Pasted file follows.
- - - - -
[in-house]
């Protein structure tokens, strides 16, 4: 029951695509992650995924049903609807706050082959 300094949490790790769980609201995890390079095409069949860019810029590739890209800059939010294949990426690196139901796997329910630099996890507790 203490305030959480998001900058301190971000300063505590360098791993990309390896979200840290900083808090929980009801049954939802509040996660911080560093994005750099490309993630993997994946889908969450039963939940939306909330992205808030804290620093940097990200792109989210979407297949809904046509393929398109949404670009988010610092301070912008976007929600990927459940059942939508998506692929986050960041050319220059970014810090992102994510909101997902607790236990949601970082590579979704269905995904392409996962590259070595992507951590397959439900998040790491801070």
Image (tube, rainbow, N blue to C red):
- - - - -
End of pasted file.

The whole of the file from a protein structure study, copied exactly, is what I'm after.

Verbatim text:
[in-house]
């Protein structure tokens, strides 16, 4: 029951695509992650995924049903609807706050082959 300094949490790790769980609201995890390079095409069949860019810029590739890209800059939010294949990426690196139901796997329910630099996890507790 203490305030959480998001900058301190971000300063505590360098791993990309390896979200840290900083808090929980009801049954939802509040996660911080560093994005750099490309993630993997994946889908969450039963939940939306909330992205808030804290620093940097990200792109989210979407297949809904046509393929398109949404670009988010610092301070912008976007929600990927459940059942939508998506692929986050960041050319220059970014810090992102994510909101997902607790236990949601970082590579979704269905995904392409996962590259070595992507951590397959439900998040790491801070």
Image (tube, rainbow, N blue to C red):